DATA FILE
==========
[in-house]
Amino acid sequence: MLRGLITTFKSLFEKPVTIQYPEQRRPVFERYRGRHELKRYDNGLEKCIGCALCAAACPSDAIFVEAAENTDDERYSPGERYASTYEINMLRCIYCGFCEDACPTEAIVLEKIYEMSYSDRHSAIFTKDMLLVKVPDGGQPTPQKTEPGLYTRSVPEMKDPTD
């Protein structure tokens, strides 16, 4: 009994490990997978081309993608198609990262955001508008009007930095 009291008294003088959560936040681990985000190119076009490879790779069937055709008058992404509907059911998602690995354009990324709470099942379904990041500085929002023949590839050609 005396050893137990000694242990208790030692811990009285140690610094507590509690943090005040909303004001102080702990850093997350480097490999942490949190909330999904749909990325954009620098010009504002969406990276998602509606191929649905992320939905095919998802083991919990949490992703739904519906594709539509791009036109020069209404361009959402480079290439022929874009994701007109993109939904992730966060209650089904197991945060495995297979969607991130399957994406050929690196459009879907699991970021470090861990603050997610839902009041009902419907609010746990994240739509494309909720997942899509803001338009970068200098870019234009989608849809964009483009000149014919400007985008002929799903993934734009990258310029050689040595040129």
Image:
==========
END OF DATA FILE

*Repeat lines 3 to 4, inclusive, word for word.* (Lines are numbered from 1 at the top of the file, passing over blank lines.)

């Protein structure tokens, strides 16, 4: 009994490990997978081309993608198609990262955001508008009007930095 009291008294003088959560936040681990985000190119076009490879790779069937055709008058992404509907059911998602690995354009990324709470099942379904990041500085929002023949590839050609 005396050893137990000694242990208790030692811990009285140690610094507590509690943090005040909303004001102080702990850093997350480097490999942490949190909330999904749909990325954009620098010009504002969406990276998602509606191929649905992320939905095919998802083991919990949490992703739904519906594709539509791009036109020069209404361009959402480079290439022929874009994701007109993109939904992730966060209650089904197991945060495995297979969607991130399957994406050929690196459009879907699991970021470090861990603050997610839902009041009902419907609010746990994240739509494309909720997942899509803001338009970068200098870019234009989608849809964009483009000149014919400007985008002929799903993934734009990258310029050689040595040129």
Image: